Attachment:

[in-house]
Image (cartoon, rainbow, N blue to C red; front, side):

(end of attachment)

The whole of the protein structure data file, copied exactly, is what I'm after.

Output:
[in-house]
Image (cartoon, rainbow, N blue to C red; front, side):